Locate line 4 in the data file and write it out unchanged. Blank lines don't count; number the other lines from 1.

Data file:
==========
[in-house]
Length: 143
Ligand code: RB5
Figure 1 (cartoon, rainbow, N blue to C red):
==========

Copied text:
Figure 1 (cartoon, rainbow, N blue to C red):